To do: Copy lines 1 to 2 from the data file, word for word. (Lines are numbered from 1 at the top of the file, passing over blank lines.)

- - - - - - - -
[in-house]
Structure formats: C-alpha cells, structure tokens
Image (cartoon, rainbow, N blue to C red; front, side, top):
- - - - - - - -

[in-house]
Structure formats: C-alpha cells, structure tokens